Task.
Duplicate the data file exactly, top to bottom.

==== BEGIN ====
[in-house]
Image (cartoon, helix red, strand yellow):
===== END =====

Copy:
[in-house]
Image (cartoon, helix red, strand yellow):